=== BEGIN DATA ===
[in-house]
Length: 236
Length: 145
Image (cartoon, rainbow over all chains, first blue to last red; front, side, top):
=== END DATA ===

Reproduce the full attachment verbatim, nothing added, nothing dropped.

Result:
[in-house]
Length: 236
Length: 145
Image (cartoon, rainbow over all chains, first blue to last red; front, side, top):